1. Hepatocellular uptake index (HUI)18, which is:
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  2. Relative enhancement of the liver15,34, which is:
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  3. Liver-to-spleen ratio10,11,14, which is:
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  4. Liver-to-muscle ratio10,29, which is:
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  5. Increase rate of the liver-to-spleen ratio16, which is:
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  6. Increase rate of the liver-to-muscle ratio16,10, which is:
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  7. Reduction rate of T1 relaxation time of the liver19,24, which is:
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  8. ΔR1 of the liver28, which is:
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Considering the volumes of respective livers, volume-assisted indices of signal intensity and T1 relaxometry could be calculated using a multivariate regression analysis.

Volumetric analysis

To draw the outlines of the liver on every section, the delayed T1- weighted 3D VIBE sequence hepatobiliary phase was used. In this procedure, MR images were provided on an Aquarius iNtuition Viewer (TeraRecon Inc., San Mateo, CA, USA) on a commercially available workstation and free-hand contours were used to obtain respective liver volumes. If there was a liver tumour that was hypointense on 20-min-delayed Gd-EOB-DTPA-enhanced images, the volume of the hypointense tumour was excluded from the volume of the liver parenchyma.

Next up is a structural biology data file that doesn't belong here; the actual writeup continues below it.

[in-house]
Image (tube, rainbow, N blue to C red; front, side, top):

ICG Test

To determine the ICG plasma disappearance rate (PDR) the noninvasive pulse-densitometric LiMON system (Impulse Medical System, Munich, Germany) was used. A bolus dose of 0.5 mg per kilogram bodyweight of ICG (ICGPulsion, Munich, Germany) was injected into a cubital vein, followed by 10 mL of normal saline flushed through the intravenous catheter, and each patient was monitored with an ICG finger clip connected to the liver function monitor (LiMON) via an optical probe. Injected ICG was detected from fractional pulsatile changes in optical absorption, and ICG elimination measurements (ICG-PDR) were determined by monoexponential transformation of the original ICG concentration curve and backward extrapolation to time point zero (100%), describing the decay as a percentage change with time.